It is essential to communicate clear expectations to learners to help them be successful in their class and make the most of their online learning experience. Additionally, clear expectations will lead to enhanced learner satisfaction (Boettcher & Conrad, 2010). There’s nothing quite as frustrating as working diligently on something, only to realize as you are finishing it, that your understanding of the requirements was wrong. Sometimes, you have time to redo the work, and sometimes you have to hit the submit button anyway. Expectations in an online learning environment need to be clearly published and easily accessible. No one wants to be digging for the rubric or syllabus requirements when they have a question that requires simple clarification. From the instructor’s point of view, having expectations clear and obviously posted will make their job easier, as it eliminates needless questions.

Boettcher and Conrad (2010) also mention having patience when setting up an online course. Both in terms of being patient with yourself and being patient with your learners. There is a learning curve that may be fairly steep, depending on the tools being used, and patience will go a long way towards working through it. I also appreciated the tip from Dr. Pratt and Dr. Palloff to keep a little fun – education does not have to be deadly serious! (Laureate, 2010)

 Boettcher, J. V., & Conrad, R. (2010). The Online Teaching Survival Guide. San Francisco, CA: Jossey-Bass.

Laureate Education (Producer). (2010). Launching the online learning experience [Video file].




Online Learning Communities

In this week’s Learning Resources Dr. Palloff and Dr. Pratt discussed the importance of Online Learning Communities to student success and satisfaction to learning in the virtual environment. Just as in a traditional environment, it is essential for students to feel like the belong, to feel like they have a safe space to learn, and to feel like they are part of a community. Learning in isolation is counter-productive to the aims of the course, and often results in dissatisfaction and student attrition (Laureate, OLC, 2010). When students feel that they are part of a community, they are more likely to stay, more likely to be successful, and more likely to feel empowered in their online studies.

According to Drs. Palloff and Pratt, the essential elements of building an online learning community are: people, purpose, process, method, and social presence. They went on to say that the people within the community need to interact with each other, they need to be together for some kind of common purpose, and there needs to be a process by which they meet their objectives.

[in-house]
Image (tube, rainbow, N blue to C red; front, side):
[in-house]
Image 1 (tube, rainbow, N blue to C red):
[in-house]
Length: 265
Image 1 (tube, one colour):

To be able to sustain an online learning community, the facilitator needs to establish some rules of engagement. It needs to be established how the participants will interact with each other, how often they will interact with each other, and if there are any institutional guidelines that must also be observed.

Drs. Pallof and Pratt made mention of the fact that traditional strategies are not necessarily directly transferrable to the online environment. I think it should be noted, however, that the idea of community is not exclusive to virtual studies. I have worked as both a bricks and mortar and an online teacher, and the principles of community building begin from the same place. Students need to know what is expected of them, and they should have input on what they can expect from their instructors. Further, community building, both traditionally and in the online environment, play a vital role in successful learning outcomes. When a student feels safe in their environment, they can turn their mind toward what they need to learn.


Laureate Education (Producer). (2010). Online learning communities [Video file]. Retrieved from

Scope Creep

Scope Creep is a potential hazard for every project. Project managers fall victim to “let’s just add this one thing” over and over again. But one thing becomes three, and three things become five, and before you know it, the budget is blown.

A little over a year ago, I began designing a series of optional professional learning sessions for my team at the request of my manager. I analyzed the data and targeted the topics that our participants were seeking most frequently so we could design the series.

At first, the series contained  ten different topics that would be offered at various times throughout the school year. After some discussion, however, it was determined that the series should also include open office hours with various teams, several multiple-session topics, and question and answer sessions for popular topics. Each time the list was thought to be finished, the director came back and said “let’s also add…”

The complications of those additions just expanded. It became next to impossible to keep the offerings up to date, and therefore keep the calendars where they were posted up to date. The whole thing grew into an enormous headache, well beyond the scope of the original plan.

If I had been the project manager of this, as opposed to the designer, I would have left the other departments, their open office hours, and their Q&A sessions off the list. Those offerings changed so many times that no one could keep track, and it would have been more efficient if they were updated by the departments in question and linked back to the flier with the optional sessions, rather than trying to put them all in one place.